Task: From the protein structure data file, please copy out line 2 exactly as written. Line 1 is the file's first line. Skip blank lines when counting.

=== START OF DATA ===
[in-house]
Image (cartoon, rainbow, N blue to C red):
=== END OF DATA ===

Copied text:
Image (cartoon, rainbow, N blue to C red):